December 13 – The Planning and Environmental Resources Department in Monroe County is always busy with a variety of projects throughout the year, but recently, derelict vessels in the water have caused real issues.
Emily Schemper, senior director of Planning and Environmental Resources for Monroe County, joined Good Morning Keys on KeysTalk 96.9/102.5FM this morning to talk about the derelict vessels.
The Planning and Environmental Resources Department looks to foster sustainable, quality development in the county while conserving and promoting stewardship of the county’s fragile environment and unique characteristics of its diverse island community.
Because of Hurricane Ian, a number of derelict vessels have been found.
Schemper said, “The county for a long time has had a derelict vessel removal program. We work cooperatively with Florida Fish and Wildlife and the Monroe County Sheriff’s Office to get through the process to remove derelict vessels. It’s not as simple as it may sound. You may think, hey, just hire someone, go out there, tow that boat out of the water, but there’s a whole process you have to go through.”
Law enforcement personnel has to notify the boat owners and an investigation is also involved.
Schemper said, “There are some pretty strict laws about this. The owner can be subject to fines or even jail time if they don’t take corrective action for a derelict vessel.”
If the boat owner fails to be responsible in getting the boat out, the Planning and Environmental Resources Marine office is contacted and contractors to remove the boats are brought in.
Each year there are probably 60 to 80 derelict vessels taken out by the Planning and Environmental Resources Department. It’s probably about $350,000 in annual expenses to the county that is covered by boater improvement funds and Fish and Wildlife grants.
Schemper said, “Law enforcement tries to recoup the expenses from the vessel owner through a court-ordered process, but it’s not always possible, so it is a significant expense for the county. The money that we budget for this, again is supplemented by grant money, but if we start to run out of money, but if we start to run out of money, we do need to get the vessels out of the water, so we’re always pulling money from other programs trying to cover expenses if we do run out.”
One issue that adds an extra burden are the migrant vessels landing in south Florida.
Schemper said, “The Keys gets the majority of these. Miami-Dade also is seeing and feeling that increase, too. We’ve had several vessels from Haiti, but a lot of others are the small, make-shift vessels from Cuba. They are especially problematic because they start to fall apart and they become debris. So they are no longer a vessel, they become just pieces of debris floating in the water. They end up in the mangroves and it becomes a whole different cleanup process. Thankfully the US Coast Guard is real quick in responding if there are hazardous pollutants onboard.”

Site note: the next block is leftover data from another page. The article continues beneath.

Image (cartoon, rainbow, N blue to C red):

If you are a boat owner and your boat is in danger of becoming a derelict vessel, the Florida Fish and Wildlife Conservation Commission can help. Click here for more information: https://myfwc.com/boating/waterway/vtip/#:~:text=The%20Florida%20Vessel%20Turn%2DIn,Conservation%20Commission%20free%20of%20charge.
Schemper said, “That is really a great program and it’s very important before the vessel actually become derelict, you’ve got to get it out of the water because it’s such a bigger expense and bigger issue once it’s actually derelict. It’s not just a hey, tow it to shore to the nearest boat ramp. Our contractors are very careful about how they do this without damaging the environment more than what’s already happened.”
The derelict vessels really are an environmental hazard.
Schemper said, “It’s one of our higher priority programs in our marine resources office as well. You have times where a sunken vessel is purposefully left there to create an artificial resource, that’s a very unique situation. The rest of these, it’s debris in the water. It’s not supposed to be there. It’s damaging seagrass. It’s damaging corals. They break apart more and move around so it’s really important to get these out. Plus you never know what’s in there. Someone may know immediately, hey, there’s fuel tank. Let’s make sure there’s no fuel leaking out, but as the vessel starts to break up more, you may uncover more environmental hazards that you didn’t even know were there, so it’s very important to get those out.”
In 2022, there have been 49 removal authorizations of migrant vessels alone and the county has spent $62,000 in county funds.
Schemper said, “We then had another $22,000 in the grant money, but you don’t have time wait for a grant a lot of times. Those migrant vessels are about a third of the vessels that we’ve taken out in 2022 and we’ve spent over 50 percent of our budget already, just a few months into the fiscal year we’ve already spent 50 percent of our local money budget without the grants on the migrant vessels. I know Miami-Dade and Department of Emergency Management, FWC, they’re working together to try to figure out some answers to this problem because it’s really getting worse. It’s becoming a significant financial burden and it doesn’t seem to be slowing down.”